Not only has continuous access to food made us fat, but it's also made us too comfortable. Most Americans don't know how actual hunger feels. We confuse craving for hunger. If you get headaches and shaky after going a while without food, that's not hunger. It's low blood sugar. Your body is likely addicted to carbs and needs an energy boost.

Everyone feels hunger without food eventually, but not every couple of hours. The next time you feel weak from lack of food, think about what your body wants. Will a few bites of steak satiate your hunger, or do you need a carb fix of bread, sweets, or a glass of juice? 

The human body evolved to fast intermittently. Unfortunately, our lifestyle made the need for food less about starvation and more about comfort. It's okay to be hungry. Your body needs it! 

At the Cellular Level 

When you fast, several things happen at the cellular level that promotes wellness and longevity:

  • Repair - Think of cellular repair like taking your car to the shop. As a mechanic can't fix the car while it's cruising down the road, your cells can't repair themselves while working to process nutrients. During a fast, your cells initiate a process where they digest and shed dysfunctional proteins. 
  • Insulin - When you fast, insulin sensitivity increases, and the amount of insulin in your body drops significantly. A low insulin level allows your body to process stored fat. Type-2 diabetes occurs when your body processes too much insulin for an extended period, and the system shuts down.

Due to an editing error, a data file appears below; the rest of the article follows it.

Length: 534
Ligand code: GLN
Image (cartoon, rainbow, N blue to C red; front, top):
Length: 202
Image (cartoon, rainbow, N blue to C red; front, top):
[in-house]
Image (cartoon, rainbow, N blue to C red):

• Hormones - If you go to the gym trying to build muscle and lose weight, fasting increases your natural level of Human Growth Hormone (HGH) as much as five times. 
  • Genetic - Fasting activates genes related to longevity and disease prevention.

The Benefits

Several significant studies in both animals and humans produced results outlining the amazing benefits of intermittent fasting.

Weight Loss

As we mentioned earlier, intermittent fasting doesn't involve calorie restriction. You will lose weight and body fat by eating the same food you always have. Improving your quality of food will likely enhance your results. Caloric restriction during intermittent fasting may have a negative effect since your body will transition to storing fat to avoid starvation.

Sharper Mind 

Along with HGH, intermittent fasting also increases the brain hormone BDNF that aids in forming new brain cells. Initial research points to intermittent fasting as a protection against Alzheimer's disease.


Intermittent fasting shows a reduction in several inflammation markers known to cause chronic disease. Fasting reduces bad cholesterol, triglycerides, blood sugar, and insulin resistance; key drivers in heart disease, cancer, and type-2 diabetes.


Studies conducted on rats show intermittent fasting can increase lifespan up to 83% longer. Check out this study of rats who ate every other day! Not only did they outlive the other rats, but they continued to grow for a 75% longer duration. 

Keep It Simple

It's no secret that eating healthy is vital for long-term wellness. Every single one of us has tried to diet at some point in our lives, and we mostly failed. A diet is challenging to maintain, requires a lot of planning, and takes incredible willpower at times. 

Intermittent fasting is simple! You’re already doing it, so why not do it a bit longer? 


Consult your doctor before beginning any diet. Intermittent fasting is not for everyone, especially women who are pregnant or those with eating disorders. This article should not be considered medical advice.